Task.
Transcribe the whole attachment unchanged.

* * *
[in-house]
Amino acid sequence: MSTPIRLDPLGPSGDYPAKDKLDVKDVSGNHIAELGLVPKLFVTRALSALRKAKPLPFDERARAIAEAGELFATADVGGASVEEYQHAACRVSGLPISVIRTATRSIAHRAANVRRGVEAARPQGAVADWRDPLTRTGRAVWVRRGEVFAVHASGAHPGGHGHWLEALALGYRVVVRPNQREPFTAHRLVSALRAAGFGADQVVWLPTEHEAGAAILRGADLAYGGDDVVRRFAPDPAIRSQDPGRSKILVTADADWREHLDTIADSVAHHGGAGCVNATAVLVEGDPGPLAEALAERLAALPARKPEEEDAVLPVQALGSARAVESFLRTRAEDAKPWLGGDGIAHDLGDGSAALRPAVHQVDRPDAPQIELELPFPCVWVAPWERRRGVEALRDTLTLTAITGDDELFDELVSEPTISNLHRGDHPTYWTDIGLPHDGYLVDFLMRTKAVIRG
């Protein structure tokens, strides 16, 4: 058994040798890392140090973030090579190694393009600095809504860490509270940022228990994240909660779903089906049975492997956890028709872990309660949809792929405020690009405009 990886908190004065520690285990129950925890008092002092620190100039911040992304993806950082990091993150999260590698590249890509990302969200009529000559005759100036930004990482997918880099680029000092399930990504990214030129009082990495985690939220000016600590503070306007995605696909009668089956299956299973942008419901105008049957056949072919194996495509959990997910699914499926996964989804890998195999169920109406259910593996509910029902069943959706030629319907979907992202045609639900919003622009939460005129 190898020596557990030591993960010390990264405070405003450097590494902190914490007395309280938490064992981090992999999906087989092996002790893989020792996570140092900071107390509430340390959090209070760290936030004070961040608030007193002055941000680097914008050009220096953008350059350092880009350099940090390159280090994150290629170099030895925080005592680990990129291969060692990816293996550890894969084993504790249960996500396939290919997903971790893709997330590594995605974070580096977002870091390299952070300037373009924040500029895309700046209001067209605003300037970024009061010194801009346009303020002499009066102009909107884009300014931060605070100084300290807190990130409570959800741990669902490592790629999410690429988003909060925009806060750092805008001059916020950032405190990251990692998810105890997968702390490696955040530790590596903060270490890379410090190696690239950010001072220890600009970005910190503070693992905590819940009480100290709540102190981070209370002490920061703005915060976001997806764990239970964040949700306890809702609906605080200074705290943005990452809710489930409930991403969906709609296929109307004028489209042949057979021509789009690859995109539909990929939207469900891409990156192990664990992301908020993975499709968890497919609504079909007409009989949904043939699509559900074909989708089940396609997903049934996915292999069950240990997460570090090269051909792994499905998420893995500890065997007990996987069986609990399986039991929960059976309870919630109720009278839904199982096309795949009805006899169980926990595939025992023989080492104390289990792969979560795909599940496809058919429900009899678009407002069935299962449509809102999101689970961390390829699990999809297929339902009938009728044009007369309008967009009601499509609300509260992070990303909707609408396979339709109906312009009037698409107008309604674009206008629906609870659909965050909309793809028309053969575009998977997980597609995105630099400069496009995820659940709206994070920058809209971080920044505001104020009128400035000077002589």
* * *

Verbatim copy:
[in-house]
Amino acid sequence: MSTPIRLDPLGPSGDYPAKDKLDVKDVSGNHIAELGLVPKLFVTRALSALRKAKPLPFDERARAIAEAGELFATADVGGASVEEYQHAACRVSGLPISVIRTATRSIAHRAANVRRGVEAARPQGAVADWRDPLTRTGRAVWVRRGEVFAVHASGAHPGGHGHWLEALALGYRVVVRPNQREPFTAHRLVSALRAAGFGADQVVWLPTEHEAGAAILRGADLAYGGDDVVRRFAPDPAIRSQDPGRSKILVTADADWREHLDTIADSVAHHGGAGCVNATAVLVEGDPGPLAEALAERLAALPARKPEEEDAVLPVQALGSARAVESFLRTRAEDAKPWLGGDGIAHDLGDGSAALRPAVHQVDRPDAPQIELELPFPCVWVAPWERRRGVEALRDTLTLTAITGDDELFDELVSEPTISNLHRGDHPTYWTDIGLPHDGYLVDFLMRTKAVIRG
């Protein structure tokens, strides 16, 4: 058994040798890392140090973030090579190694393009600095809504860490509270940022228990994240909660779903089906049975492997956890028709872990309660949809792929405020690009405009 990886908190004065520690285990129950925890008092002092620190100039911040992304993806950082990091993150999260590698590249890509990302969200009529000559005759100036930004990482997918880099680029000092399930990504990214030129009082990495985690939220000016600590503070306007995605696909009668089956299956299973942008419901105008049957056949072919194996495509959990997910699914499926996964989804890998195999169920109406259910593996509910029902069943959706030629319907979907992202045609639900919003622009939460005129 190898020596557990030591993960010390990264405070405003450097590494902190914490007395309280938490064992981090992999999906087989092996002790893989020792996570140092900071107390509430340390959090209070760290936030004070961040608030007193002055941000680097914008050009220096953008350059350092880009350099940090390159280090994150290629170099030895925080005592680990990129291969060692990816293996550890894969084993504790249960996500396939290919997903971790893709997330590594995605974070580096977002870091390299952070300037373009924040500029895309700046209001067209605003300037970024009061010194801009346009303020002499009066102009909107884009300014931060605070100084300290807190990130409570959800741990669902490592790629999410690429988003909060925009806060750092805008001059916020950032405190990251990692998810105890997968702390490696955040530790590596903060270490890379410090190696690239950010001072220890600009970005910190503070693992905590819940009480100290709540102190981070209370002490920061703005915060976001997806764990239970964040949700306890809702609906605080200074705290943005990452809710489930409930991403969906709609296929109307004028489209042949057979021509789009690859995109539909990929939207469900891409990156192990664990992301908020993975499709968890497919609504079909007409009989949904043939699509559900074909989708089940396609997903049934996915292999069950240990997460570090090269051909792994499905998420893995500890065997007990996987069986609990399986039991929960059976309870919630109720009278839904199982096309795949009805006899169980926990595939025992023989080492104390289990792969979560795909599940496809058919429900009899678009407002069935299962449509809102999101689970961390390829699990999809297929339902009938009728044009007369309008967009009601499509609300509260992070990303909707609408396979339709109906312009009037698409107008309604674009206008629906609870659909965050909309793809028309053969575009998977997980597609995105630099400069496009995820659940709206994070920058809209971080920044505001104020009128400035000077002589």